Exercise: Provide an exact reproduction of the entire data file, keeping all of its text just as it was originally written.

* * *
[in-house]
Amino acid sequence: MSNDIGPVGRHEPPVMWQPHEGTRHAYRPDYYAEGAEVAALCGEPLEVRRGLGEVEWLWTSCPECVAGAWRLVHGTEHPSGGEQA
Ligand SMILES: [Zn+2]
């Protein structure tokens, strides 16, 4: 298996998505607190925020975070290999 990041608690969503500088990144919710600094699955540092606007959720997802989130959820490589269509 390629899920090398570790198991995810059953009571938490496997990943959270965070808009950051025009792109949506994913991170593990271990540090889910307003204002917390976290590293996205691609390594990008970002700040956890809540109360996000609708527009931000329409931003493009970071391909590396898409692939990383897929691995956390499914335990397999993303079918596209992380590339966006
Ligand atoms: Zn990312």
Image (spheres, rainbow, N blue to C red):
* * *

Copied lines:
[in-house]
Amino acid sequence: MSNDIGPVGRHEPPVMWQPHEGTRHAYRPDYYAEGAEVAALCGEPLEVRRGLGEVEWLWTSCPECVAGAWRLVHGTEHPSGGEQA
Ligand SMILES: [Zn+2]
């Protein structure tokens, strides 16, 4: 298996998505607190925020975070290999 990041608690969503500088990144919710600094699955540092606007959720997802989130959820490589269509 390629899920090398570790198991995810059953009571938490496997990943959270965070808009950051025009792109949506994913991170593990271990540090889910307003204002917390976290590293996205691609390594990008970002700040956890809540109360996000609708527009931000329409931003493009970071391909590396898409692939990383897929691995956390499914335990397999993303079918596209992380590339966006
Ligand atoms: Zn990312």
Image (spheres, rainbow, N blue to C red):